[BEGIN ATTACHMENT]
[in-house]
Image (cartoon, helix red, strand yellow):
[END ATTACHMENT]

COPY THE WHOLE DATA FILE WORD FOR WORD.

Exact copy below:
[in-house]
Image (cartoon, helix red, strand yellow):